The flow of information between Prague and London enabled the Czech government to furnish important information to the Allies, including the discovery of Hitler’s final solution and the Jewish extermination camps.  Benes and his government cooperated closely with the Jewish leadership in the free world and in Palestine.  The government also intervened with the Vatican and the Allied governments on behalf of persecuted Jews.  They also openly condemned anti-Semitism.

At the end of WWII, the Czechoslovakian government was the only one of its kind in Eastern Europe to be allowed to return to its native country.  Government officials returned and took cabinet positions, including President Benes.  As the government became reestablished, Benes implemented some radical changes in minority policy with the objective of making the republic as nationally homogeneous as possible.  These policies are referred to as Benes’s decrees.  One of the more radical policies included the expulsion of a large number of ethnic Germans and Hungarians.  Another policy allowed the Jewish remnants in Czechoslovakia the option of declaring themselves either of Czech or Slovak nationality.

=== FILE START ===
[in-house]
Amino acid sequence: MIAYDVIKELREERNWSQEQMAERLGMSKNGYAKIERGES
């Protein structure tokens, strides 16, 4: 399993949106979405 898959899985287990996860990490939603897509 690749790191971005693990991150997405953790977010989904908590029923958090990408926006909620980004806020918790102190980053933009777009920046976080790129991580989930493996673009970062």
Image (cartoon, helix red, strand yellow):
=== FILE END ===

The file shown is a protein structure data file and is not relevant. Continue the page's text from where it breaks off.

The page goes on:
During the mid-1930’s, Germany wanted to expand its interests in east-central Europe and Hungary eagerly sought markets for its agricultural surplus in the wake of the worldwide depression.  With both sides filling a need for the other, Germany became Hungary’s foremost trading partner.  Hungary, under the leadership of Milkos Horthy, also wished to obtain the return of lost territories and peoples caused by the Treaty of Trianon, which had deprived Hungary of more than two-thirds of its territory and about sixty percent of its population after WWI.  Germany was aggressive and an audacious force; if anybody were to reclaim lost Hungarian territories, it would be Germany.